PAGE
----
With the case in Montana, the home owner left the garage door open to trap someone, anyone, so he could shoot them. At least that is my take on it from all the media reports, but we know how accurate the media is. However, if the media reports hold up in court, this guy should go to prison for involuntary manslaughter at the least.

wings folded
1st Dec 2014, 19:08
It is frightening that trespass is regarded by some here as a crime which can be punished by summary execution without trial.

In some other jurisdictions, trespass is a civil matter, with civil penalties concordant with the "damage" caused. (Used to be six pence or one shilling, if I remember correctly). If theft occurred, it was not trespass, but theft. There are in most jurisdictions sanctions in place in criminal law for that transgression.

Anybody "unsure of present position" should crap themselves if that happens when they are in the USA. They might be trespassing. Best to have made a will and provided for their dependants.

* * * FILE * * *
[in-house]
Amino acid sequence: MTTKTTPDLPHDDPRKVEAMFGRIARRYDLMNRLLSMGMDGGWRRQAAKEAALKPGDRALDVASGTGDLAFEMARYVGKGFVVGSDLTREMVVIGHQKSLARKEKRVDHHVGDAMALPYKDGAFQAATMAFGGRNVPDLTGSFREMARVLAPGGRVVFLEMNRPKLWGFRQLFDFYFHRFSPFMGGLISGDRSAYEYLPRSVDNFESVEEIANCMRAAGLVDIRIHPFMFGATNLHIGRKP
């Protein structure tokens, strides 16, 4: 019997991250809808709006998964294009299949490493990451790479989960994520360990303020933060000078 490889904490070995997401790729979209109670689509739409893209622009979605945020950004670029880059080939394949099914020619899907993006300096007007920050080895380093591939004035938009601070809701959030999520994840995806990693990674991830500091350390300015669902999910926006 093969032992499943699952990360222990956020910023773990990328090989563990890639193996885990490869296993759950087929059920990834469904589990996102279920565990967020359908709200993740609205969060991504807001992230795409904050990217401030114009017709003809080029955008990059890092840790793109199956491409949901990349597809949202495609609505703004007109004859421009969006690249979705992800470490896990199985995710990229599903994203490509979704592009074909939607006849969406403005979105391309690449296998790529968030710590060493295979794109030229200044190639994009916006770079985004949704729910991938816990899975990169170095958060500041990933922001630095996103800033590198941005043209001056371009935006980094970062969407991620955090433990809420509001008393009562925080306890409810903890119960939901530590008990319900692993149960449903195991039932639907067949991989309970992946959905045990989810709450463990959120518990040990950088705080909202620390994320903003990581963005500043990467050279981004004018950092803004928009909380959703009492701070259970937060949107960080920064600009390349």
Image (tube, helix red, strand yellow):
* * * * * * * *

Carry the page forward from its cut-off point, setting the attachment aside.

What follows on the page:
brickhistory
1st Dec 2014, 19:12
He retired to a point about 100m away


See, raht thar's yer problem.

Y'all 're usin' that thar metricky system.

It don't work here.

Now if A had been in his car, then it's game on.

Kinda like a certain cop in a certain Missouri town recently.

rgbrock1
1st Dec 2014, 19:12
Capot:

Your scenarios smells very badly of "entrapment." And I doubt "B" will get away with his crime.

As far as the doper in Montana is concerned: As a firearms owner myself I would never, ever shoot blindly into anywhere or anyone. Target acquisition and identification are the least things a responsible firearms owner should do. And preferably aligned with a possible discovery of what the other person's intent is.

I don't think the Montana homeowner is going to get away with his crime. Even reading Montana's self-defense laws one should note that a perceived threat to life and or property is needed for this. I do not see how Mr. doper could have perceived any sort of threat without first identifying the target of that threat. Additionally, it can be argued that by placing whatever it was he placed in the garage as a lure, that it constitutes entrapment.

con-pilot
1st Dec 2014, 19:12